Toll Group continues to suffer delays, and some systems are still offline, a week after it was it by a ransomware attack that saw hackers seize control of some of its data.
But the transport and logistics giant has no intention of paying up.
"The ransom demand [for return of data] did not specify a figure. It did provide contact details for Toll to arrange a ransom payment," a company spokeswoman told the Herald last night.
"But we've made no contact with the attackers and have no intention of engaging.
"We are treating it as a criminal matter and have referred it to the relevant authorities."
Police and Crown agency CERT NZ both recommend against paying a cyber-ransom, on the basis there's no guarantee data will be released. They also see it encouraging further offending and often helps fund organised criminal networks also involved in everything from drugs to human trafficking.
However, IT lawyer Michael Wigley earlier argued that when a ransom is low, it's worth shot - and even that company could have a duty of care to retrieve clients' data.
More details of attack
The Toll spokeswoman also revealed the company was hit by a variant of the "Mailto" ransomware attack, whereby data is encrypted and a payment is demanded to make it readable again.
That backs up the company's earlier statements that no customer data appeared to have been stolen, as is sometimes the case with a ransomware attack (such as the recent Travelex heist).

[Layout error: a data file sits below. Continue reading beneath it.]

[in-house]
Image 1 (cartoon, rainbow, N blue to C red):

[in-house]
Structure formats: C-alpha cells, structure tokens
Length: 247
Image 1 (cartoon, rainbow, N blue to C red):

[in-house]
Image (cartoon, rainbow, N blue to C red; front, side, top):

"Based on a combination of automated and manual processes instituted in place of the affected IT systems, freight volumes are returning to usual levels," the spokeswoman said.
"Notwithstanding the fact services are being provided largely as normal, some customers are experiencing delays or disruption.
"We're working to address these issues as we focus on bringing our regular IT systems back online securely."
The Melbourne-based Toll operates across 50 companies, including New Zealand and China - and is running some of its systems on manual at a time when it's also grappling with complications caused by the coronavirus.
After the initial attack, the company posted a message to its locl website saying, "Toll Global Express New Zealand has lost use and access to its email exchange."
A warning beside a log-on screen for Toll's online portal read, "Toll Group is currently experiencing a suspected cyber attack." Customers were asked to confirm bookings by phone.
The message added: "We would ask that you hold any non-essential freight movements for today."
Travelex back online
January 8 saw currency exchange firm and Air New Zealand partner Travelex forced offline after a ransomware attack, during which five gigabytes of customer data was stolen, including dates of birth and credit card information.
The BBC reported a US$6 million ransom demand as Travelex resorted to pen-and-paper.
Travelex went back online on January 28. Reuters quoted the company saying it had not paid any ransom.
What to do if you're hit by ransomware
New Zealand businesses or individuals hit by a cyber-attack are advised to contact Crown agency CERT (the Computer Emergency Response Team) as their first step.
CERT acts as a triage unit, pointing people to the right law enforcement agency or technical contacts.
CERT director Rob Pope declined to comment on whether his agency had been approached by Toll.
"Because of the sensitive nature of the reports made to CERT NZ, we never confirm or deny our involvement with any particular incident," he said.